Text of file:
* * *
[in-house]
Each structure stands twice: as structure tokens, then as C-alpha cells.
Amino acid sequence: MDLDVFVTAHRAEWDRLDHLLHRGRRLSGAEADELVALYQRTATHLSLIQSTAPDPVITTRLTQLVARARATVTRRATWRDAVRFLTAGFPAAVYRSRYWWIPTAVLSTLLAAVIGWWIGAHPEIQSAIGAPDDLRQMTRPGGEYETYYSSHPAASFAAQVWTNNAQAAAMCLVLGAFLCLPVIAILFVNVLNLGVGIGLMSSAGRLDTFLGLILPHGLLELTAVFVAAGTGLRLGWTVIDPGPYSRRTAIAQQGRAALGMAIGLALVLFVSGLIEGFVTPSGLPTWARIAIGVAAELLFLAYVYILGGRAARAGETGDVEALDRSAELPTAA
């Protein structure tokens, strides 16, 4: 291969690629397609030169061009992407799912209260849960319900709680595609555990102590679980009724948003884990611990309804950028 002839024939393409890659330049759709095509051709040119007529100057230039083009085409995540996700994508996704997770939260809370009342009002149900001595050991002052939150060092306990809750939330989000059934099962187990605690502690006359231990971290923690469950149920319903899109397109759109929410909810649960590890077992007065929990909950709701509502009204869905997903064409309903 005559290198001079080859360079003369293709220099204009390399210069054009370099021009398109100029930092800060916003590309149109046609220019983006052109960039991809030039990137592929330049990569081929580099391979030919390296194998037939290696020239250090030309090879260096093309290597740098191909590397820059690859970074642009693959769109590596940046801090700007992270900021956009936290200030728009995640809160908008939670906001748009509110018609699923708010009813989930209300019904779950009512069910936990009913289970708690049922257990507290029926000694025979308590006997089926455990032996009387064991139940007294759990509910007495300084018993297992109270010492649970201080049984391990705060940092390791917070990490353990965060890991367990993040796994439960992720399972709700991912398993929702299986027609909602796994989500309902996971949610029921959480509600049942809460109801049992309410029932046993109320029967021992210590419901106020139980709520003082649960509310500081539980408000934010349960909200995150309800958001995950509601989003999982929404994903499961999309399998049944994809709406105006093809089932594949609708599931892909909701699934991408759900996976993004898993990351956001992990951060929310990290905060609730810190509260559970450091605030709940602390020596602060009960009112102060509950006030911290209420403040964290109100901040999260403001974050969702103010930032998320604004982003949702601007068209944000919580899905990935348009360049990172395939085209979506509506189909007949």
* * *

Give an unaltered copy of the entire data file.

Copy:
[in-house]
Each structure stands twice: as structure tokens, then as C-alpha cells.
Amino acid sequence: MDLDVFVTAHRAEWDRLDHLLHRGRRLSGAEADELVALYQRTATHLSLIQSTAPDPVITTRLTQLVARARATVTRRATWRDAVRFLTAGFPAAVYRSRYWWIPTAVLSTLLAAVIGWWIGAHPEIQSAIGAPDDLRQMTRPGGEYETYYSSHPAASFAAQVWTNNAQAAAMCLVLGAFLCLPVIAILFVNVLNLGVGIGLMSSAGRLDTFLGLILPHGLLELTAVFVAAGTGLRLGWTVIDPGPYSRRTAIAQQGRAALGMAIGLALVLFVSGLIEGFVTPSGLPTWARIAIGVAAELLFLAYVYILGGRAARAGETGDVEALDRSAELPTAA
């Protein structure tokens, strides 16, 4: 291969690629397609030169061009992407799912209260849960319900709680595609555990102590679980009724948003884990611990309804950028 002839024939393409890659330049759709095509051709040119007529100057230039083009085409995540996700994508996704997770939260809370009342009002149900001595050991002052939150060092306990809750939330989000059934099962187990605690502690006359231990971290923690469950149920319903899109397109759109929410909810649960590890077992007065929990909950709701509502009204869905997903064409309903 005559290198001079080859360079003369293709220099204009390399210069054009370099021009398109100029930092800060916003590309149109046609220019983006052109960039991809030039990137592929330049990569081929580099391979030919390296194998037939290696020239250090030309090879260096093309290597740098191909590397820059690859970074642009693959769109590596940046801090700007992270900021956009936290200030728009995640809160908008939670906001748009509110018609699923708010009813989930209300019904779950009512069910936990009913289970708690049922257990507290029926000694025979308590006997089926455990032996009387064991139940007294759990509910007495300084018993297992109270010492649970201080049984391990705060940092390791917070990490353990965060890991367990993040796994439960992720399972709700991912398993929702299986027609909602796994989500309902996971949610029921959480509600049942809460109801049992309410029932046993109320029967021992210590419901106020139980709520003082649960509310500081539980408000934010349960909200995150309800958001995950509601989003999982929404994903499961999309399998049944994809709406105006093809089932594949609708599931892909909701699934991408759900996976993004898993990351956001992990951060929310990290905060609730810190509260559970450091605030709940602390020596602060009960009112102060509950006030911290209420403040964290109100901040999260403001974050969702103010930032998320604004982003949702601007068209944000919580899905990935348009360049990172395939085209979506509506189909007949």